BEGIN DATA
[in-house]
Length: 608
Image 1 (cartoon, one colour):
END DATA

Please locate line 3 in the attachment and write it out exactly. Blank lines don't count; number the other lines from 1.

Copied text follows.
Image 1 (cartoon, one colour):